Brian Joss – South Africa’s logistics industry experienced its worst monthly volumes since records began, according to the latest Ctrack Freight & Transport Index.
With a 20,9% decline compared to the same month a year ago, the volume of goods transported and stored in the country dropped by over one-fifth during May 2020.
However, the biggest volume drops shifted away from local land-based transport to international transport, and both SA’s rail freight and road freight volumes showed signs of recovery.
In fact, both road and rail freight as well as storage volumes increased compared to April’s levels. The recovery in these sectors was realised as the country shifted from level 5 to level 4 lockdown restriction.
The local transport sector has probably seen the worst, while international trade remains in the midst of the Coronavirus crisis.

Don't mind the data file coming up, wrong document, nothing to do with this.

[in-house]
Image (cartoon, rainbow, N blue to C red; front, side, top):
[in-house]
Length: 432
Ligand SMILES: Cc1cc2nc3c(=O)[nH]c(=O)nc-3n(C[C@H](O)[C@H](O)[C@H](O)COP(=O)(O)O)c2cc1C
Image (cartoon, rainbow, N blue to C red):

The air freight sector needs to open up as soon as possible. It is clear that many air freight companies and freight forwarders in the sector will not survive, while important exports such as flowers, table grapes and even Harrismith’s apples continue at snail’s pace.
The air transport sector – both passenger and freight – may not return to pre-Covid-19 levels for three years.
IATA estimates the sector will make losses of $84,3 billion this year having already lost $419 billion in revenue. Between January and July, 7,5 million scheduled flights were cancelled worldwide. Non-scheduled air freight is down over 80% in some countries.
In a normal year, air freight transports over 52 million metric tons of cargo – about 35% of all global trade by value. In SA, some respite is expected by the end of July as international flights ramp up. But clearly, air freight is the hardest hit sector in transport.
“While air freight volumes remain a major concern, we can see there is some light at the end of what has been a very dark tunnel,” comments Hein Jordt, managing director of Ctrack South Africa.
“People around the world have shown tremendous courage and resourcefulness during this unprecedented global pandemic. We are encouraged and remain hopeful that the logistics industry, like many others, will eventually return to some level of normalcy sooner rather than later,” he concludes.